Gun Violence Restraining Order Act

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By Catherine J. Swysen, President of the Santa Barbara Women’s Political Committee

On behalf of the Santa Barbara Women’s Political Committee, I’m writing to inform the community about two bills sponsored by Congressman Salud Carbajal and Senator Dianne Feinstein. The Gun Violence Restraining Order Act (HR 2598) and Gun Violence Prevention Order Act (S 1212) would codify gun violence restraining orders into federal law, allowing law enforcement or family members to petition the court to prevent individuals shown to be a danger to themselves or others from having access to firearms. These restraining orders are based on the existing domestic violence protective order process, ensuring due process and the ability to appeal a court order at any time. Gun violence restraining orders became law in California in 2014 in response to the Isla Vista shooting. Congressman Carbajal and Senator Feinstein reintroduced this federal legislation in May 2017, on the third anniversary of the shooting.

March for Our Lives is on Saturday. We would like to encourage the community to support our representatives in pursuing a safer country for all. Please contact them to share your support for common-sense gun control, and also share this message with those outside of Santa Barbara County. These bills are making headway in Congress with bipartisan support, so the more constituents who call and urge their representatives to sign on to HR 2598 and S 1212, the better.

Lives are literally at stake. We urge everyone to step up regarding these bills, and also to join our students at the March for Our Lives on March 24th.

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CoastWatch Mar 22, 2018 04:38 PM
Gun Violence Restraining Order Act

Keep writing laws and feel good policies for the Kool-Aid drinking general public... We have plenty of laws and none get enforced- Laws against illegals using fake Social Security numbers- Federal law (felony) Nothing happens because the politicians are too politically correct and want to pander votes; Also, the IRS willingly takes the $ Laws against driving and texting- Yet everyday, across the country hundreds die and thousands are injured. So yeah, go out and march, chant, yell and pray that "something be done", yet make sure you cry about our "Police State" and continue to carry your ACLU card... Oh the hypocrisy... LOL~

Sydneymviera Mar 28, 2018 11:07 AM
Gun Violence Restraining Order Act

Seriously! We have a problem with law ENFORCEMENT not the law itself. I don't know how people are so willing to ignore that issue. This is a bad bill. Salud should be voted out of office for even proposing it. - Sydney

CivilEngineer Mar 23, 2018 01:31 PM
Gun Violence Restraining Order Act

TOTUM, you never post a source for your assertions. I think most people have learned to ignore stuff like this. Clearly you are ignoring the work that they do in agriculture, construction, and service jobs which provide billions in economic benefit to the state. Cherrypicking info to support your claims seems to be your forte.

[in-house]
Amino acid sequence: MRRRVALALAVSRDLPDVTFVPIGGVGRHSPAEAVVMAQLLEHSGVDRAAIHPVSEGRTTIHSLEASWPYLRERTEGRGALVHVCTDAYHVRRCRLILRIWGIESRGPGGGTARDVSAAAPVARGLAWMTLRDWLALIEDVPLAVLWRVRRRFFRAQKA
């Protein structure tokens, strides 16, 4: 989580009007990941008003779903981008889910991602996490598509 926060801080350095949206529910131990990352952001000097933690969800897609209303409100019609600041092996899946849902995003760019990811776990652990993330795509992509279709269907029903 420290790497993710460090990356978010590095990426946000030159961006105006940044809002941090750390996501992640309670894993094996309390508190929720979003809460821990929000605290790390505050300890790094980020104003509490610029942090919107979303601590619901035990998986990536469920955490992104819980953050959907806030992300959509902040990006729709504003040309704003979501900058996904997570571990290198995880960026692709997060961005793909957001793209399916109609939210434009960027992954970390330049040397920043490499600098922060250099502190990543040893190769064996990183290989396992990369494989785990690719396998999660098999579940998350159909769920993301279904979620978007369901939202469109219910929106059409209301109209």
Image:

Factotum Mar 23, 2018 10:42 AM
Gun Violence Restraining Order Act

Those here illegally use $28 billion dollars in state tax dollar funded services and benefits. This leave a net $25 billion dollar loss every year for the approx $3 billion a year that are paid by employers to the authorities as with holding taxes. Sending taxed or untaxed dollars earned by those here illegally to another country (remittences), keeps those US dollars from recirculating within the US economy - that also adds to the total loss of tens of billions dollars to the US.

Channelfog Mar 23, 2018 08:18 AM
Gun Violence Restraining Order Act

The upside of the immigrants using illegal social security numbers is that they pay 4-5 billion dollars annually into the fund, and because they do not file taxes, they never see any of that money. 4-5 billion $ per year goes a long way towards keeping SS solvent. As for these stupid gun laws, don't get me started!

Fitness1 Mar 22, 2018 04:05 PM
Gun Violence Restraining Order Act

These well intention-ed bills have a flaw: they are only as good as the agencies upholding them. In the recent Thousand Oaks killing, the husband's gun has been confiscated by the SO, & a judge had a standing order against the killer being given the gun back. After the (now deceased) wife refused to press domestic abuse charges & charges were dropped, SO returned the gun, despite the court order, which was still in effect. The Texas church killer fell thru the cracks because the Navy neglected to send his info to federal databases, which they were legally required to do. If the agencies don't check, and re-check, the bill against it doesn't matter. None of these would be necessary if we would all obey our most ancient and fundamental law: You cannot commit murder. Once someone has decided on that course, all the other laws in the world will not deter him/her. Granted, some legal roadblocks in the path may slow them down but if they are determined to break that most sacred law, I doubt anything will stop someone from finding a way, unfortunately. Not that we shouldn't try.

Sydneymviera Mar 28, 2018 11:08 AM
Gun Violence Restraining Order Act

When the people themselves are pro-gun, (like myself), you cannot blame all the congressional inaction on the manufactures and the NRA, which is just a collection of gun owning individuals.